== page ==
Cotton Rises to Two-Month High on Economy; Orange Juice Declines


Cotton futures jumped to a two month-high on speculation that better-than-expected economic data in China, the U.S. and Germany signals higher demand for raw materials. Orange juice dropped.

Global equities rallied after gross domestic product in China, the world’s second-largest economy, grew 8.9 percent in the fourth quarter, above the median in a Bloomberg News survey. A U.S. Federal Reserve report showed manufacturing in the New York region increased at the fastest pace in nine months, and German investor confidence rose by a record.

“It is definitely a ‘risk-on’ trading day for the speculators,” Mike Stevens, an independent trader in Mandeville, Louisiana, said in an e-mail. “Positive economic news coming out of China” and “strong outside markets,” triggered the rally, he said.

Cotton for March delivery rose 2.8 percent to settle at 98.19 cents a pound on ICE Futures U.S. Earlier, the price gained as much as 4 cents, the exchange limit, to 99.47 cents, the highest for a most-active contract since Nov. 17. The price has gained 7 percent this month.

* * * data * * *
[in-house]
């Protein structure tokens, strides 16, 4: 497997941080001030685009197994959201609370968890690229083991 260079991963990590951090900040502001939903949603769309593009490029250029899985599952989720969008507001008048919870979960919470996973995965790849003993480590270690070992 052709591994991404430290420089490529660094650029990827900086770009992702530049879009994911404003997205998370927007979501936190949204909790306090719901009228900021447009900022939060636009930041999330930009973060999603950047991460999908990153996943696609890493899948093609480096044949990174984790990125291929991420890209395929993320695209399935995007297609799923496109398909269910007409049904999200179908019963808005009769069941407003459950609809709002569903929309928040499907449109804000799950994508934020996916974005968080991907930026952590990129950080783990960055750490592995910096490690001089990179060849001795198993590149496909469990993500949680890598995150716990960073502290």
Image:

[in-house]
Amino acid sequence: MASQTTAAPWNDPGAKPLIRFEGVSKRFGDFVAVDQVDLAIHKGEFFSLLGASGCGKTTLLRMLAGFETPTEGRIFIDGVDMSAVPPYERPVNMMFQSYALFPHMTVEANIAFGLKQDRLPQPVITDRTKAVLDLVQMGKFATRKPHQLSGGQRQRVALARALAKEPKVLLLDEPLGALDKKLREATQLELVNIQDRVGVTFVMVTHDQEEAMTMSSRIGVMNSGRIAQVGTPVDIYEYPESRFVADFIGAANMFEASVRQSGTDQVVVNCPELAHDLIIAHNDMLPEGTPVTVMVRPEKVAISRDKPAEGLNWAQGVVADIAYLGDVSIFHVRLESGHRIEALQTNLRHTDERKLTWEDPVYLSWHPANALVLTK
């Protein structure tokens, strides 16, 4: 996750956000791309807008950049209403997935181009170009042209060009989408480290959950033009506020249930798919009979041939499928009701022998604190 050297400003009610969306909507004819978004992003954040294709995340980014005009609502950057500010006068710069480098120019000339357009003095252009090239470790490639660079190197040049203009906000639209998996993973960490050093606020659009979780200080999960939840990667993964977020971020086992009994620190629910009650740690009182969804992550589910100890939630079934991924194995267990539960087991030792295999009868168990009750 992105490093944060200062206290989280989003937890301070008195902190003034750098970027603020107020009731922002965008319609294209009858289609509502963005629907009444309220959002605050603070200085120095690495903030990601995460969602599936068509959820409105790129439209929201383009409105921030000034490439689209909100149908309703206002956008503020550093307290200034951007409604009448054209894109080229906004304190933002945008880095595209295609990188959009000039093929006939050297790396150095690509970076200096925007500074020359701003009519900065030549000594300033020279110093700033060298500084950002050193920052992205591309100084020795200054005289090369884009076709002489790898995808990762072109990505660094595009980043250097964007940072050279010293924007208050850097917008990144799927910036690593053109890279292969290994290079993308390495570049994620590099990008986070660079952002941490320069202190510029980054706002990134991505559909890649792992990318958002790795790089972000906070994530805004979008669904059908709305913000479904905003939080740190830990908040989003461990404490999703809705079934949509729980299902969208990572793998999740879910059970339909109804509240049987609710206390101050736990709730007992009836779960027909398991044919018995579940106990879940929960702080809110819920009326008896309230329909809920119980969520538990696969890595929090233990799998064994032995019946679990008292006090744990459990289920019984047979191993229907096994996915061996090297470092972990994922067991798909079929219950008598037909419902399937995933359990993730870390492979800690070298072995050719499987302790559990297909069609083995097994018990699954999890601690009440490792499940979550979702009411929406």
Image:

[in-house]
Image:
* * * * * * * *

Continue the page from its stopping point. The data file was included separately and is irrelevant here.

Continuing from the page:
The dollar fell as much as 0.9 percent today against a basket of six currencies, enhancing the appeal of commodities as alternative investments, Stevens said.

China is the world’s top cotton consumer, and the U.S. is the biggest exporter.

Orange-juice futures dropped 0.1 percent to $1.8435 a pound in New York. Earlier, the price jumped as much as 4.1 percent. The commodity has climbed 9.1 percent this month.

On Jan. 9, the U.S. Food and Drug Administration detained orange-juice imports to investigate the use of a fungicide on fruit in Brazil. Carbendazim has been linked to liver tumors in animals.

The FDA said today that holding imports may continue through July while more samples are tested.

Brazil is the world’s biggest orange grower, followed by Florida.